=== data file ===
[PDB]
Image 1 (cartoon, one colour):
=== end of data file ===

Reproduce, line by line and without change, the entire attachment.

[PDB]
Image 1 (cartoon, one colour):